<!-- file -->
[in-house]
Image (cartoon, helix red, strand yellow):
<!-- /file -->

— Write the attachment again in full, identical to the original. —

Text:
[in-house]
Image (cartoon, helix red, strand yellow):